For the first time, I believe, Marsh Warbler has bred in Suffolk. At a site near to Southwold, a pair was discovered by David Pearson, heard and observed only from private land; our observations up until the end of July have proven that the the pair were successful in raising three young, but as expected the birds have now departed and have not been seen for a week.
The male sang only intermittently, but we were able to watch it and also it's interaction with the female - quivering of wings and tail - in a small willow. The pair's routine, collecting food and regularly visiting a patch of reeds and nettles, strongly suggested breeding, and we were beginning to think that we would not be able to prove it. However, eventually we saw the male singing and then the pair feeding three small young in scrubby hawthorn bushes and in the reeds or nettles.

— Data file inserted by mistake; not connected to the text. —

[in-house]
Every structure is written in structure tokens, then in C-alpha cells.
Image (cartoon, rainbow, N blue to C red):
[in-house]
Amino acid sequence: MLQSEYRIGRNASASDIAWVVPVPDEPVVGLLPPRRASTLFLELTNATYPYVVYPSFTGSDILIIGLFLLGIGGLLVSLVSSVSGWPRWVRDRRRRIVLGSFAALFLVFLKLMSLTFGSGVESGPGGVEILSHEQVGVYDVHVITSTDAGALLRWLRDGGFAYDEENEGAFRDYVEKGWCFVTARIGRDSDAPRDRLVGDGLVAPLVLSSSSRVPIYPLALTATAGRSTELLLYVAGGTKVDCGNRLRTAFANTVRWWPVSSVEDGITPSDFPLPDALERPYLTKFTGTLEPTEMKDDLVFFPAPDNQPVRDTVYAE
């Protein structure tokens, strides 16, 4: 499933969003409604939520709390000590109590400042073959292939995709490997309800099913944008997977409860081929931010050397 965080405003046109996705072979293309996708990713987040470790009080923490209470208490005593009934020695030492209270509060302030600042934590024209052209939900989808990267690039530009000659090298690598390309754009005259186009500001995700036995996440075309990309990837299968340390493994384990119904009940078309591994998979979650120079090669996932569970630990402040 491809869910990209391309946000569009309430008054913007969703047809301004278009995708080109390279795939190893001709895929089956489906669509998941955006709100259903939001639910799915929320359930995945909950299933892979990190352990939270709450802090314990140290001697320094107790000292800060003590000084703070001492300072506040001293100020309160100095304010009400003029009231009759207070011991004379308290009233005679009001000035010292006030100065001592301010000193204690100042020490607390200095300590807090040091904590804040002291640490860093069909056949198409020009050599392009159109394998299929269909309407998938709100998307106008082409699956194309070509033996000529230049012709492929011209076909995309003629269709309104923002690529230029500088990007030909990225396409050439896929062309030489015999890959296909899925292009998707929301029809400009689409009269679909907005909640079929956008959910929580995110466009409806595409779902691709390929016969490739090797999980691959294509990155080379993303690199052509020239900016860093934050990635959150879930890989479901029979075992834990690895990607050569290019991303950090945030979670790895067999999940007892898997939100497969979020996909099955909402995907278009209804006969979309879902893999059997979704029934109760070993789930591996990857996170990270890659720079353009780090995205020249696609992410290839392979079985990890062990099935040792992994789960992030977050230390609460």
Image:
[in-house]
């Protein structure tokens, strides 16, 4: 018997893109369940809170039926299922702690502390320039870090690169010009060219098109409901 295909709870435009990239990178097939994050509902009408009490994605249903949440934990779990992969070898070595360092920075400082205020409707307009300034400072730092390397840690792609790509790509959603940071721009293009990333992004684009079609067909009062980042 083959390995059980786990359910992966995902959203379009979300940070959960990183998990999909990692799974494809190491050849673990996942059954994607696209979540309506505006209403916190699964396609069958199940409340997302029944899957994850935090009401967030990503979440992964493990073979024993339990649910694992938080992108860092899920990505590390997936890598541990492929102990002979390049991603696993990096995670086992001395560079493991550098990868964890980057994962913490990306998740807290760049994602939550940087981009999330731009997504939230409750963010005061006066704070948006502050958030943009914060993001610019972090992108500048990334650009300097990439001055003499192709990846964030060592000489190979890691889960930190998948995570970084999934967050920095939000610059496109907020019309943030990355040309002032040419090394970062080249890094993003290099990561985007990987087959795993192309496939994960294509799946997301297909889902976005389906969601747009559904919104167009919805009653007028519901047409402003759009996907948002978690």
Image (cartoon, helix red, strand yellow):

Initially, the small young were surprising warm in colour; come the end of July they were a lovely brassy colour (less warm above and a bit paler and ochreous below).
In the two attached images you can see one of the young being fed and also the male singing, note the primaries are bent up the reed stem, but still show prominent white tips.